SanctiFusion

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Atomic Church

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atomic_bomb_dominic_truckeeFor a change in pace, there is an issue that has been “in the news” now for over 500, maybe a thousand years or so. What, and where, exactly, is the Church? At one time it was seen as a cooperative fellowship of Christian gatherings and communities. Then there came a trend of which bishop, province, or diocese had higher status for solving questions as they arose, and next there was a split between the Western churches “under” Rome and those in the East. About this time the bishop (pope) of Rome sent Norman English king Henry II to invade Ireland (where the Church was closely aligned with the Eastern churches) to make “good, Roman, Catholics of them.” This conflict is still in the news today!

Another five hundred years, and the Pope is excluding Martin Luther for holding to a doctrine which had been part of the Church’s dogma for twelve centuries, and Zwingli in Switzerland was declaring war on the Roman Church in the name of Renaissance humanism and Swiss patriotism. Soon there was bloody war from city to city throughout Europe, and when the smoke finally cleared there were three distinct parties, and no distinct winners.

The Protestant Calvinists held ground in the Netherlands and established a seminary there under none other than John Calvin’s son in law, Teodor Beza. When a Ph.D. Professor at that school questioned a fine point of Beza’s speculative theology (whether God had caused the Fall, yet without causing sin) that professor, and all who thought it was a good question were jailed, tried in absentia, and banished from the city at the cost of homes, property, jobs, and friendships. Fortunately, only one of them died.

Next, England’s Henry VIII decided to make use of the diminishing power of the Papacy by declaring the English Church independent from Rome’s influence. Over the next three hundred years the English Church would produce a string of godly divines who would devote themselves to rediscovering the core faith of the Church and, in the process, move the English Christianity significantly closer to the Eastern tradition. This did not, however, bring any reconciliation with the Irish, who remained loyal to Rome (and resentful of English hegemony) though their religion was still rather closer to the earlier Celtic Faith than to the Roman.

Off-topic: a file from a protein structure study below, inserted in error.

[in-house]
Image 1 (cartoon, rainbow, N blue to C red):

At this time another force was at work in England: The proud independence of Swiss Calvinism was gaining a following which would produce more wars, the “Glorious Revolution” which itself led to the senseless slaughter of whole villages in Ireland in the name of “establishing the Kingdom of God,” In time the English Crown was back on the throne and the Church of England was able to maintain control over the more deliberately, “Protestant” factions. Dissenters, generally “dissenting” over matters of prepared liturgy, the material used in building the altar/communion table (and which words were used), what the clergy wore, and how music was used in services. Many left the country over these questions, and many crossed over to North America to be free of interference with their beliefs (lit., in their own words, their “opinions.”)

Predictably, as this kind of Protestantism was being spread, beliefs and opinions became paramount in defining fellowship, and any difference of opinion was likely to spawn yet another division. Fast-forward this scene a few hundred more years, and we see not only a confusing array of “denominations” of Christianity, but subsets, breakaways, and “independent works” continually spawned off of each of them. Not that the break in fellowship is the whole picture: At every “birthing of a new movement” each party redefines what it believes in terms of its opposition to the other side of whatever the issue du jour happened to be, and rejects their what they understand the opposing party’s position had been on the issue. Of the whole of Christian doctrine “once delivered to the saints,” each successive generation receives a smaller portion. Whereas the early Church spent its energy spreading the Gospel through their towns and across the world, the main order of business today is to redefine the Gospel, and the Church’s energy is largely spent in a constant restructuring operation.

All this forces us to beg for answers: what is the Gospel? What is the Church? What, for Heaven’s sake, is a Christian, and how does one recognise them? There are answers, to be sure. Not necessarily easy ones, though…